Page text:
“From the Western Riverina through the Central West and up into the Northern Tablelands, we’re hearing members tell us they’ve never seen pigs this bad before,” Mr Martin said.
“Aerial shooting over the past year saw 80 per cent more pigs culled than the year before, and authorities have distributed 74 tonnes of baits to landholders, but the numbers continue to grow particularly on public land.
“It’s clear the pig numbers are growing out of control now, and we need a drastic and sustained increase in resources for everyone involved to get on top of the problem once and for all.”
According to Local Land Services, more than 63,000 feral pigs had been culled as part of co-ordinated aerial and on-ground shooting and baiting in the past 12 months, although Mr Martin said anecdotal reports from farmers meant the actual numbers were likely far higher. He said there were serious concerns about what would happen after June 30, when the state government’s additional pig control funding ended.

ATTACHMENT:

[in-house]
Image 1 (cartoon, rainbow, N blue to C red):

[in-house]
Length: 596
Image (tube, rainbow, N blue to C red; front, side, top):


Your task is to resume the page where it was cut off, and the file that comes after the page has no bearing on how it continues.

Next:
“Trying to keep the pig numbers down farm-by-farm is a bit like trying to put out half a fire – if you’re not tackling the whole problem methodically, it’ll just keep coming back,” Mr Martin said.
“A lack of effective control on public lands is undermining our collective efforts, and we know that’s where the pigs are breeding because we see them coming onto our farms from public lands.
“We need more resources and a solid commitment from all parties involved to tackle feral pigs so we can get on top of them and stay on top of them.”